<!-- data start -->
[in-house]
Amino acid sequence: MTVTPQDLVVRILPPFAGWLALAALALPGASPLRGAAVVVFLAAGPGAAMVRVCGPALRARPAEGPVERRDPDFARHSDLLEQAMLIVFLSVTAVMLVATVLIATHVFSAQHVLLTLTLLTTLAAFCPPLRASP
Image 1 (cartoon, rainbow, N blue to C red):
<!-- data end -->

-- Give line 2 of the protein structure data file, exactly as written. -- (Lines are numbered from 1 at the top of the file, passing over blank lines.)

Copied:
Amino acid sequence: MTVTPQDLVVRILPPFAGWLALAALALPGASPLRGAAVVVFLAAGPGAAMVRVCGPALRARPAEGPVERRDPDFARHSDLLEQAMLIVFLSVTAVMLVATVLIATHVFSAQHVLLTLTLLTTLAAFCPPLRASP